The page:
[fpc-pascal] Optimize code for speed

Gerhard Scholz gs at g--s.de
Fri Jun 10 12:46:37 CEST 2005

----- Original Message -----
From: "L505" <fpc505 at z505.com>
To: "FPC-Pascal users discussions" <fpc-pascal at lists.freepascal.org>
Sent: Friday, June 10, 2005 10:18 AM
Subject: [fpc-pascal] Optimize code for speed

> 1.  begin
>        M              yString=Do.Something
>        StrList3.add(MyString);
>      end
> 2.   begin
>                                  StrList3.add
>      end
I assume you mean:

1:   begin
        M yString=Do.Something

2: begin
        StrList3.add (do.something);

The "waste" of one little variable is not so important since when you leave
that procedure the local variables vanish. Version 2 should be a little bit

>  If you KNOW the string is going to be short, is shortstring and better,
or is
>  ansistring better?

Generally shortstring should be faster. But if you have both shortstrings
and ansistrings in your program: every conversion (e.g. by assignment) from
one to the other costs a lot. So, when you are forced to have some
ansistrings, normally it's the best to use only ansistrings.

>  If you KNOW the integer is going to be short, is it better to specify a

Depends on the machine: in i386-code longints (int32) seem to be preferred:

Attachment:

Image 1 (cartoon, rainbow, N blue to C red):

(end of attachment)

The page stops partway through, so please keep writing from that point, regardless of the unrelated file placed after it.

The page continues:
better handled by the compiler, and faster executed (should be at least on
pentium). On older 386 integer and shortint was better. On other processors
I don't know.

But if you have to keep a lot of data (e.g. array [ 1..1000000 ] of
an_integer_type), then space considerations might be more important than

I myself like the range constructs, e.g. var j : 1..23, when I know the
variable cannot senseful be outside that range. So debugging is done by the
program itself (with $R+,O+)

>  Is the default compiler setting regular strings, or ansistrings?

(If I understand the compiler source correctly) in delphi mode: ansistrings,
otherwise: normal strings

>  Is a boolean faster than an integer who you just set as 0 and 1?

Should be the same: a boolean is an ENUM with the values ( FALSE, TRUE )
which map to the values 0 and 1

as far as I remember that was the original definition: type boolean =
 false, true ) ;

To check what is better (e.g. your example above), you should produce a
little test program containing both of your versions and compile it with the
option "-al" to get the assembler source. Look at that source. That version
which produces less code normally should also be the faster one.


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